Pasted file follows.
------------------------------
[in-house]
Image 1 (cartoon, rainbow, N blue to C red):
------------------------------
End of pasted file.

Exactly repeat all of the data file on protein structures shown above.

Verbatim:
[in-house]
Image 1 (cartoon, rainbow, N blue to C red):